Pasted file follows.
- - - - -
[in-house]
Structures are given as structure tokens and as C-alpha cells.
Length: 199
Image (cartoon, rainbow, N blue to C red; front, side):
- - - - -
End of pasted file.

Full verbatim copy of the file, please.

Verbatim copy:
[in-house]
Structures are given as structure tokens and as C-alpha cells.
Length: 199
Image (cartoon, rainbow, N blue to C red; front, side):